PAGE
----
Dáil debates

Thursday, 7 November 2019

Ceisteanna ó Cheannairí - Leaders' Questions


12:00 pm

Photo of Dara CallearyDara Calleary (Mayo, Fianna Fail) | Oireachtas source

I would like to begin by referring to something Jonathan Swift wrote in 1710, and the sentiment of which is even more relevant today in the context of false media and false news: "Falsehood flies, and truth comes limping after it, so that when men come to be undeceived, it is too late; the jest is over, and the tale hath had its effect." I mention this in the context of the need for a vibrant and independent media. All of the elements of public service broadcasting, as an ethos, are important parts of this equation that are sometimes taken for granted, particularly by the Government. We read late last night that RTÉ plans to save €60 million over the next three years by imposing a range of cuts, including 200 staff redundancies. That is not good enough, and it would not be good enough for anybody in any organisation, that those redundancies were notified to staff through media leaks late last night. RTÉ is under substantial financial pressure as a result of reduced advertising income, changes in viewership patterns, online trends and global changes. There has been a substantial lack of engagement from the Government about RTÉ's funding model and about licence fee evasion. Rather than dealing with the challenges faced by RTÉ, the Government is constantly trying to kick the can down the road.

Ireland's licence fee evasion rate of 14% is the highest in Europe. It results in a loss of approximately €25 million a year. Another 11% of households do not pay the licence at all, which accounts for a further €20 million. The Tánaiste is familiar with this information. It is not new to the Government. The members of the Government and its predecessor have stuck their heads in the sand. They have discussed the proposed broadcasting charge lengthways and sideways without making a decision, in the full knowledge of the challenges being faced by our entire media industry. They have said they will make a decision in five years' time. The Government has been procrastinating on changing this country's defamation laws, which are regularly described by outside independent experts as having a chilling effect on the way Irish print and broadcasting media do their work. As a result of the Government's inertia, inaction and head-in-the-sand approach, RTÉ has announced that there will be 200 redundancies, its presence in Limerick will be downgraded, some of its assets will be sold, the pay of all staff will be frozen indefinitely and the pay of top earners will be reduced by 15%. I have read in the past few minutes that the Government is focusing on cutting the pay of top presenters while ignoring the 200 redundancies and the indefinite pay freezes that are to be imposed on those on the lowest incomes.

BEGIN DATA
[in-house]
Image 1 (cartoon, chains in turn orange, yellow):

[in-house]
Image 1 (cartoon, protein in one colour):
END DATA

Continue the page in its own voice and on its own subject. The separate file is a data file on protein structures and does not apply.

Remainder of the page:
The cuts in RTÉ are in addition to those in other media organisations. Virgin Media announced 60 cuts last week. All of our newspaper groups are announcing regular job cuts. The independent broadcasting sector is operating on a shoestring because of the lack of a coherent and cohesive Government policy that would defend the media as it faces the challenges I have mentioned and would defend public service broadcasting in general. We must defend an independent media that asks hard questions and provides information. We want such a media, but we will not pay for it. When was the Government informed about RTÉ's plans? Has the Minister for Communications, Climate Action and Environment, Deputy Bruton, met RTÉ management and board members? Is the Tánaiste interested in preserving and promoting an independent media, with public service broadcasting as a key part of it, or will he continue to keep his head in the sand while the media industry dies?


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